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San Diego Regional Airport Authority · San Diego

San Diego Airport bolsters its reputation as a world-class sustainability leader through water stewardship plan

$3 million potentially saved

on stormwater compliance and potable water requirements

San Diego airport sustainability

Client challenge

San Diego International Airport is partly defined by its relationship to water. Its bayfront location puts it at risk of flooding caused by storms and sea level rise, while California’s recurring droughts threaten the airport’s operations. The San Diego County Regional Airport Authority, which operates the airport, spent millions annually on stormwater quality management, while costs and regulatory complexities rose.

Also, with $800,000 per year in potable water costs, pressure was mounting for the airport to curtail its water use. As a nationally recognized leader in sustainability, the Authority is playing a central role in the region’s climate resilience discussions, and with that comes an intention to maximize the airport’s sustainability efforts. With plans to increase passenger volumes, the complexity and magnitude of the airport’s water stewardship challenges would only increase. The Authority knew a bold water stewardship program was needed and called on Haley & Aldrich, its decade-long trusted advisor, for help.

Our approach

Through a series of facilitated workshops and technical analyses, Haley & Aldrich helped align disparate needs and goals toward a common vision for water stewardship. We helped Authority stakeholders recognize interconnections among water use and reuse decisions, new programs to accommodate future passenger growth, airport developments, and a changing climate.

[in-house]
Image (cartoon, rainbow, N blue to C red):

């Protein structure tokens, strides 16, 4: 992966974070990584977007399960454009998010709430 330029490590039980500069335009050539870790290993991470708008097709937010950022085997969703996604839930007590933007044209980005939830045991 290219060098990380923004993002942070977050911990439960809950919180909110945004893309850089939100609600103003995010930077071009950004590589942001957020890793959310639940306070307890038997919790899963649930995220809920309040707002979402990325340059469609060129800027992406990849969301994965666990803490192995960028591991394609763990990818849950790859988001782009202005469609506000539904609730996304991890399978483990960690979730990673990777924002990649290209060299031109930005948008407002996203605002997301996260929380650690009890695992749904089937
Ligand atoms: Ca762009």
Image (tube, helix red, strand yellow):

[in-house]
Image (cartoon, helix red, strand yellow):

The resulting Authority’s Water Stewardship Plan addresses issues of water conservation, water quality, and flood risk, while leveraging crucial opportunities within the Authority’s Airport Development Plan and Capital Improvement Program. Rather than accommodating future development simply by building new stormwater outfalls that pose both regulatory and flood risks, the Authority is now investing in stormwater collection and reuse efforts to offset the 80 percent of its needs that do not require potable water. Furthermore, because staff co-created the plan, they are vested in realizing the goals of the actionable strategy and incorporating the plan into the Authority’s regular decision-making processes.

Value delivered

  • Generated potential annual savings of over $3 million on stormwater compliance and potable water requirements
  • Articulated a vision for a closed-loop water system that minimizes stormwater discharge and maximizes water reuse
  • Established the Authority as a world-class steward of water resources
  • Created organizational alignment and a shared vision for a complex, mission-critical issue

For more information on this project, contact:

Beth Breitenbach